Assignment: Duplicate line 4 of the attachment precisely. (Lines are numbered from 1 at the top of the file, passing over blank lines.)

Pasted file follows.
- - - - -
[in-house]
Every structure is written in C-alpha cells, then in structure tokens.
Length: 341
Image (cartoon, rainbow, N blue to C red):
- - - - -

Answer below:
Image (cartoon, rainbow, N blue to C red):